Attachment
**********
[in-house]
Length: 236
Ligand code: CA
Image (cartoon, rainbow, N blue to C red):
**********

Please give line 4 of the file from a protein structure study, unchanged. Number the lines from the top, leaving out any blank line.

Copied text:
Image (cartoon, rainbow, N blue to C red):